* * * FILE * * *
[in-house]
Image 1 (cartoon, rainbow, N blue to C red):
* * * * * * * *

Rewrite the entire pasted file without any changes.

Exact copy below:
[in-house]
Image 1 (cartoon, rainbow, N blue to C red):